By a very narrow vote of 37-28, actually closer than I would have anticipated, the Dem-controlled Minnesota Senate gave the state the go-ahead to create its own online exchange in advance of the required implementation under the ACA. Apparently, debate was very emotional and marathon — lasting over 13 hours. That’s the amount of time it took Sen. Rand Paul to deliver his now famous filibuster during a recent cabinet nomination process. All of this doesn’t include the multi-committee trajectory and debate the bill took to get to the floor for a vote.
Minnesota becomes one of the few states to take the lead in the development of its online healthcare coverage exchanges — a provision of the ACA that would come to fruition one way or another. If the state would not have been able to set one up, the federal government would have essentially taken over the process. (The government’s language here is “the creation of a federally-facilitated state-run exchange.) Because of the bill’s passage in the Senate, Minnesota will no longer have to consider what could have been after spending millions of dollars into providing the electronic infrastructure for such an undertaking.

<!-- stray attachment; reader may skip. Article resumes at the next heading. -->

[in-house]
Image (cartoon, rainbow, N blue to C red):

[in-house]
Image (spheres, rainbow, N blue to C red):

Predicatably, Republicans decried the measure, citing budgetary concerns and the ability of a few in making decisions for many — in this case, almost 10 percent of the state’s population. Senate Democrats lauded the exchange provision as an enhancer of access.
“I’m very concerned,” said Sen. Julie Rosen, R-Fairmont, who made the first attempt to amend the bill. “We are creating the most powerful board in the state of Minnesota, and if we don’t have measures to keep them accountable going forward, we will be back.”
Sen. Scott Dibble, DFL-Minneapolis, questioned Republican nostalgia for the current health insurance system. An estimated 9 percent of Minnesotans are uninsured, he said, including two of his siblings. And Dibble said his husband, a small-business man, struggles to cover the high cost of insuring his workers.
The next step will be determining the rates of coverage at which the participating insurers in the exchange will set.
image: MN House Healthcare Debate/Courtesy Strib